March 28 2023
Today, Tuesday March 28
Leaning on God’s Promises
“Blessed is he who considers the poor; The LORD will deliver him in time of trouble. The LORD will preserve him and keep him alive, And he will be blessed on the earth; You will not deliver him to the will of his enemies. The LORD will strengthen him on his bed of illness; You will sustain him on his sickbed. I said, "LORD, be merciful to me; Heal my soul, for I have sinned against You."
In today’s video chat you might notice the white paper taped on my desk behind me. My granddaughter Abigail has been in my office and posted a note: “I love you so so so so so so so so so so so so much Paw Paw, Abigail Grooms - Can you find three hearts near your desk?” Well, I found two. I will have to ask her later today where is the third one! How sweet is that? She and her sister Alyssa are visiting us on spring break.
David is writing Psalm 41 during a very difficult time in his life. It is the last of the four Psalms that close out Book One in the book of Psalms that were born out of his time of dealing with the rebellion of his son Absalom and the betrayal of his counselor and friend Ahithophel. David was prompted by these circumstances to take spiritual inventory and basically ask himself four questions in this Psalm.
The first question had to do with his integrity and how we treat others (vv.1-4). Before we can claim God's promises, we must examine our own hearts to see if we have sincerely met the conditions the Lord had laid down. David no doubt based his prayer on the stipulations given in the covenant (Lev. 26:1-13; Deut. 7:13-16; 28:1-14). He knew that he had no right to claim mercy from the Lord if he himself had not shown mercy to others. “Blesses is he who considers the poor…” (v. 1).
Most of God’s promises to His people are conditional. In other words, God promises to do something on our behalf if we have hearts of integrity in keeping His commandments. Even in the New Testament the Lord Jesus taught us in the Beatitudes, that “Blessed are the merciful for they shall receive mercy” (Matthew 5:7). In Psalm 18:25, David had previously written when he was fleeing from Saul, “With the merciful You will show Yourself merciful….”.
No doubt these promises were foremost in David’s mind as he is looking to the LORD for help in this difficult time. David had fully obeyed the Lord's rules and had shown mercy to King Saul, to Saul's grandson Mephibosheth, and to the needy in the land. (See Matt. 5:7 and Luke 6:37-38.) "Poor" refers to the helpless, the miserable people whose lot was difficult and who depended on the help of others. To "consider" these pitiable people meant being attentive to their needs and assisting them. It also meant not judging and blaming them, as Job's friends blamed him, and the disciples blamed the blind man (John 9:1-4).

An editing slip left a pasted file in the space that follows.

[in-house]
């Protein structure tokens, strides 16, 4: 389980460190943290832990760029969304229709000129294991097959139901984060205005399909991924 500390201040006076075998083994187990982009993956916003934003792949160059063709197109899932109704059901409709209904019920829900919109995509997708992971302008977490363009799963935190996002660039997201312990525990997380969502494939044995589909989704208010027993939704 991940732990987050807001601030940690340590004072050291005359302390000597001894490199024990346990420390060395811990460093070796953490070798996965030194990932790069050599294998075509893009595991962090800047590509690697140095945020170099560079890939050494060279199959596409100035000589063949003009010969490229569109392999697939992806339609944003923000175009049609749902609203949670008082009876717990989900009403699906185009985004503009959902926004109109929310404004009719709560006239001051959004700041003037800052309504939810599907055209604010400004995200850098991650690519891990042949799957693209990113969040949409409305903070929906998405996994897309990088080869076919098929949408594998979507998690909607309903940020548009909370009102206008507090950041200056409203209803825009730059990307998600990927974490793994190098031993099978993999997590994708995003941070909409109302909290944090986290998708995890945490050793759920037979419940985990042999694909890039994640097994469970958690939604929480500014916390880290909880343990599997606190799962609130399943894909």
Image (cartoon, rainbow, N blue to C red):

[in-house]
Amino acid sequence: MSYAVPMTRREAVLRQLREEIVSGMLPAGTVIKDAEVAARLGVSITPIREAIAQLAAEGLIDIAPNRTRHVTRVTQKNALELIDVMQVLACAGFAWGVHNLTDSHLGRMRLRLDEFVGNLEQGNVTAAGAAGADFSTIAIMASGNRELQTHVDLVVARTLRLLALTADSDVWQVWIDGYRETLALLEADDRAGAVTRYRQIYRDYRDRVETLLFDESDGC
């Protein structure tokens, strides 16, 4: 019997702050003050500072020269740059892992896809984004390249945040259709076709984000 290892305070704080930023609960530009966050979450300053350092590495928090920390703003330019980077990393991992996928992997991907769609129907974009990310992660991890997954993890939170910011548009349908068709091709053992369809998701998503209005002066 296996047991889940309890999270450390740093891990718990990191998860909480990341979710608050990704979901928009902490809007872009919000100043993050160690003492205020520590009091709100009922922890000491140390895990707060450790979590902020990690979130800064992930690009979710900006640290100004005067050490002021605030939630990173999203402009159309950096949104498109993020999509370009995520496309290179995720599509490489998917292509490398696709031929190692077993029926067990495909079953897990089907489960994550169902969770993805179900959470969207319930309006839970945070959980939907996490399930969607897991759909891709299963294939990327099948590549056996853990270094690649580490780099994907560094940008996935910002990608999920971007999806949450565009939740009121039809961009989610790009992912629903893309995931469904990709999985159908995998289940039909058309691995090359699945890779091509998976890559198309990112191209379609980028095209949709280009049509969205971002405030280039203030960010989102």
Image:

We have every reason to believe that David sought to care for the poor and needy in his kingdom and therefore was praying with integrity. Notice it said, “considers the poor”. To consider the poor involves more than just giving them some money, food or clothing. It means that we consider what their real needs are and take time to help them. Remember the old saying, “You can feed a man a fish and feed him for a day. Or you can teach a man to fish and feed him for a lifetime”. Have we truly considered the poor?
In verse 1, David referred to himself in the third person, a true mark of his humility before the Lord. In verses 2-3, he listed the blessings God would send because he confessed his sins and asked God to be merciful to him (v. 4). God would protect him from his enemies and prolong his life in the land. That in itself would bear witness to his enemies that David was a man favored by God. God would also heal him of his sickness and raise him up from the sickbed. "Sustain him on his sickbed" (v. 3) simply means "heal him and raise him up." This would be the gracious and merciful act of the Lord, undeserved by David but lovingly granted by Jehovah.
"If I regard wickedness in my heart, the Lord will not hear" (Psalm 66:18), so it's important that we confess our sins to the Lord. If we haven't been merciful to others, how can our heart be right to ask Him for mercy? (James 2:13).